“Glenn had the power to relax players,” adds former Arsenal and England doctor Gary Lewin. “He was no different from Arsene [Wenger] in that whatever we did, he liked to be relaxed and normal, no pressure.”
Operating in a 3-5-2 formation, with David Beckham and Graeme le Saux at full-back and a midfield of David Batty, captain Paul Ince and a majestic Paul Gascoigne in what would be his final competitive international appearance, England played confident, pass-focused football from the start.
And when they were forced to play with 10 men, England showed their technical credentials.
Their one-man deficit was a result of Ince having to leave the field for treatment when Demetrio Albertini’s elbow opened a gash in the Liverpool midfielder’s head in the 12th minute. It led to both the match’s most iconic image – Ince with his head bandaged and blood soaking his shirt – and a period of farce unimaginable at the highest level of football.
“What happened was they locked the dressing rooms and they couldn’t find the key,” recalled Lewin, who tended to the bleeding captain. “It lasted about eight minutes. Incey was upset and Glenn was none too pleased.
“In those days, we didn’t keep sewing gear on the bench; we put it in the dressing room with a lamp. But we never had the keys to the dressing room. They had locked it. Every time we went back there and they said, “We need the key,” they just kept shrugging. In the end, we patched it up with a bandage and put it back on.”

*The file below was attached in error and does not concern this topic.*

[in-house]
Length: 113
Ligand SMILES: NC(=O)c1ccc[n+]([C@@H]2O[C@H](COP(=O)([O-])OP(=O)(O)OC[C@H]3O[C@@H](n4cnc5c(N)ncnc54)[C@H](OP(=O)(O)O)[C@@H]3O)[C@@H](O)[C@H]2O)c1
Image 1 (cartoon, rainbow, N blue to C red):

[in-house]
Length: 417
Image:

“It’s time for amateurs who locked the doors,” says McManaman. “It’s like a Sunday pitch to protect their valuables.”
Di Livio was sent off in the 76th minute, earning a second yellow card for a late challenge on Saul Campbell, but Italy continued to press for a significant lead. In delays they almost found it.
Seconds after Wright hit the post, Italy surged forward. Substitute Alessandro del Piero crossed for Christian Vieri and the striker’s header went past David Seaman’s right-hand post.
This proved to be the last meaningful action of the match as England’s qualification was confirmed. Earlier, the television broadcast showed clashes in the stands between England fans and Italian police. But news of the problem only got out to the players and staff after the game, by which time fury had given way to jubilant celebrations.
“There were three pieces of cardboard Minis and the fans were going along, singing the song from The Italian Job,” says Lewin. “In the end it was chaos. It was real emotional celebrations.”
The result and performances seemed to signal a bright future for a technical, pedestrian and tactically astute Three Lions. But they were eliminated at the last 16 of the following summer’s World Cup, losing to Argentina on penalties, and Hoddle was sacked in February 1999 for making insensitive views about disabled people.
That one night in Rome was ultimately the pinnacle of Hoddle’s England. What a night it was.
“To qualify in those conditions, on that field, was special,” says Gorman. “The whole staff was celebrating like we’d won the World Cup. That’s how good it felt.”